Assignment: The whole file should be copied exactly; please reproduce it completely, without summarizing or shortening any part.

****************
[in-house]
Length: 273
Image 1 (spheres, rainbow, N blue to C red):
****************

[in-house]
Length: 273
Image 1 (spheres, rainbow, N blue to C red):